If you like everything in 1 place, easy to follow guides with visuals and the option to download shopping lists…
Try BBC Good Food
Or for the more advanced try Big Oven
If you are looking to make quite fancy food but without the price tag …
Once you have your inspiration you will be able to plan your family meals around both your schedule and what produce is available to you. This will make it much easier to make shopping lists and to manage to stay on budget.
A staggering 7 million tonnes of food is wasted in the UK each year. This equates to each household in the UK putting around £700 per year in the bin. Apart from being very environmentally damaging, this is very poor budgeting. As a student, you simply cannot afford to be wasting food. If you have read up on our Shopping and Cooking sections, you will want to be making the most of what you have bought and created. This section looks at how to make the most of the food you do buy/cook and how to make this go further.
Many people struggle to make smaller meals and end up cooking for 3 when they are only a 1 person household. If you buy some cheap food containers (or wash out any plastic take away or large yoghurt cartons), you can simply freeze what you don’t eat.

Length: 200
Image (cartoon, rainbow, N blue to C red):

There are also many everyday foods that will last longer in the freezer. If you are looking for inspiration try Save the Student – Surprising Foods You Can & Can’t Freeze. You can also plan to cook meals to freeze, try BBC Good Food Freezable Family Recipes. Or if you are feeling a bit fancy, Jamie Oliver has some great Freezer Friendly Recipes, and The Happy Foodie gathers from a range of celebrity sources.
Switching some fresh ingredients to frozen can also both save money and cut waste. Good examples to switch are fresh berries, fresh vegetables and fresh fish. The frozen variety are the exact same product but will cost a fraction of the price.